Tag Archives: astrobiology

Xenobiology 101

Glen-canyon-02Note: I presented these thoughts at the 2014 LTUE sci-fi con.

First, a definition: Wiki link: http://en.wikipedia.org/wiki/Astrobiology

The search for alien life, xenobiology, has changed a lot over the last century. In science fiction it has changed from John Carter adventuring among the various colors of “men” on a civilized Mars to Curiosity and Opportunity exploring a currently dry, barren planet surface that may have had water billions of years ago, and even more maybe, some kind of life.

The search for life on other worlds can be broken into two broad categories: searching for where humans can thrive (terraforming) and searching for what other life systems are out there (xenobiology).

At this stage it seems that carbon-based life occupies a distinct niche in the universe of life-making possibilities. It is hugely prolific in terms of both amount and variety of materials involved and the complexity of what can be created with it. There don’t seem to be any systems that are “sort of like it, but not the same”, such as silicon-based life or life with chlorine gas as the oxidizer rather than oxygen.

There may be other, way more different, styles of making life such as some kind of life living in solar plasma, but if they exist these are so different they are hard to identify and would be even harder to communicate with. Solar plasma life, for instance, would likely have a life span of milliseconds rather than years because things move around so fast and energetically in plasma.

Given all of the above big issues, where are we likely to find life we can identify?

Searching for life means searching for anomalous relations in energy flow. Example: Oxygen gas is highly reactive. It’s not going to exist for long in any environment that has large quantifies of reducing agents available, such as carbon, hydrogen or metals. The fact that Earth’s atmosphere has a lot of native oxygen in it is a sign that something is “pushing” the atmosphere and surface chemistry of Earth into an odd state, and has been doing that pushing a long time and pushing hard. That pushing is life. If we see other environments where the flow of entropy is being locally reversed in a dynamic way, as Earth’s atmosphere is, that’s a place to be looking for life. However, entropy and free energy flows are not quick and easy to measure, so this kind of research takes time.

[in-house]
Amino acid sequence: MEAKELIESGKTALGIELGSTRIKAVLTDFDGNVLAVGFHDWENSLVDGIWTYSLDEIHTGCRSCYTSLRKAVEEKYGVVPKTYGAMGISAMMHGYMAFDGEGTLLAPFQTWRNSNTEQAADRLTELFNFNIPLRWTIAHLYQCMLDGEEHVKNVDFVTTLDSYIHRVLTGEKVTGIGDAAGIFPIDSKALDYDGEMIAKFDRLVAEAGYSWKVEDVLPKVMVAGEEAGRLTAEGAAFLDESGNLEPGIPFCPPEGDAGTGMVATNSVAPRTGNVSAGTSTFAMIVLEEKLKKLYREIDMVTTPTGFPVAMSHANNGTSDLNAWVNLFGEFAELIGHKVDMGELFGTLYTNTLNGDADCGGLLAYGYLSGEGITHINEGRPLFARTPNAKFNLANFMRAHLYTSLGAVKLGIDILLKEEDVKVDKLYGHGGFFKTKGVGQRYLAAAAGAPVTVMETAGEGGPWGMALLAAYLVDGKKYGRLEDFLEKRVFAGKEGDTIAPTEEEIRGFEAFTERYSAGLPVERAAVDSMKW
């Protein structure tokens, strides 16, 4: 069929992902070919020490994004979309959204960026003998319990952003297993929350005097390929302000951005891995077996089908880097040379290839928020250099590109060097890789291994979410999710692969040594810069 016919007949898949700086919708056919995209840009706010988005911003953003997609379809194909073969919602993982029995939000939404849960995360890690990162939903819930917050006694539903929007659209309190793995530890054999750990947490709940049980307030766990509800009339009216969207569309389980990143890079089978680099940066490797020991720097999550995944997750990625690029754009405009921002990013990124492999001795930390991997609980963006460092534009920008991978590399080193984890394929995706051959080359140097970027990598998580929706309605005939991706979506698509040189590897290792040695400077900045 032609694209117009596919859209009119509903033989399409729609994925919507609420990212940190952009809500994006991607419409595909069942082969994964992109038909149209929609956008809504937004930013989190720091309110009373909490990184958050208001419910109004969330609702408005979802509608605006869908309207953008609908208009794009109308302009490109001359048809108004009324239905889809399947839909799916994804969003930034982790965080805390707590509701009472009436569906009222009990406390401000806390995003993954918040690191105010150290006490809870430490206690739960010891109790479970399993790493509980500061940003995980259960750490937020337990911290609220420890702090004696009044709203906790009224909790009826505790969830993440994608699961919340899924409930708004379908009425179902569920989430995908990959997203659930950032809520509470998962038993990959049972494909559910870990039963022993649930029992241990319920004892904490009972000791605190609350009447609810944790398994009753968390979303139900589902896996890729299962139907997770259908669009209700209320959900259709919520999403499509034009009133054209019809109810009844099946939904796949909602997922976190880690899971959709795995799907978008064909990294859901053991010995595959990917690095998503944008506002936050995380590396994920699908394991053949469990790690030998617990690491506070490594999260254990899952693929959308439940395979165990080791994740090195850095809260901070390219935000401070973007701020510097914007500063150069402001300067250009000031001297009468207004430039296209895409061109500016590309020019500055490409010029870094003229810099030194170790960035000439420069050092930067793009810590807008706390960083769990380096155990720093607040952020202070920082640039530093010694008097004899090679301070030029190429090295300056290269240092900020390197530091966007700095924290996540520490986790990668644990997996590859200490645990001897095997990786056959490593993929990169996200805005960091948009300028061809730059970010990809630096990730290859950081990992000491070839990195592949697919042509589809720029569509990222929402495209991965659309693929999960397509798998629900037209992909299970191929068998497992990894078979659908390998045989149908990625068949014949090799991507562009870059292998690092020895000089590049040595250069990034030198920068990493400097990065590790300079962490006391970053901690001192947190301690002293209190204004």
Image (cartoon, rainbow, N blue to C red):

And most life is not likely to be a prolific as Earth’s life is. The more likely version will resemble life around thermal vents deep in the oceans. It will be sparse and simple, which will make it hard to locate. Searching for life on the average planet or moon will be like prospecting for gold on Earth.

In sum, the search for xenobiology is not going to be an easy one.

For more information check out my two essays Special life-creating things about the Earth and Another Miracle of Life on Earth: Its Magnitude. Both of these are also in my Science and Insight for Science Fiction Writing book.


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